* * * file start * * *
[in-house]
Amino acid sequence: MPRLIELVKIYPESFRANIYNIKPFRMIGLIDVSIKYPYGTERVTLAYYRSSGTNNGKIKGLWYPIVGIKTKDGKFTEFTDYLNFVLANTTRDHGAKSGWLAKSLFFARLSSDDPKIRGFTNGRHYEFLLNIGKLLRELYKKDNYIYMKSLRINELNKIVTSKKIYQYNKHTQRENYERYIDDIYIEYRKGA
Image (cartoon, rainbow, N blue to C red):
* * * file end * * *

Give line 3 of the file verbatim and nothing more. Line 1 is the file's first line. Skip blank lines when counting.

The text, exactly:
Image (cartoon, rainbow, N blue to C red):